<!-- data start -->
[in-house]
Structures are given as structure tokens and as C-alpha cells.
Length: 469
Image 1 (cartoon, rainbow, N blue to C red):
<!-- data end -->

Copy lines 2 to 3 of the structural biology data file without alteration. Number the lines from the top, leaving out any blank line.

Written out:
Structures are given as structure tokens and as C-alpha cells.
Length: 469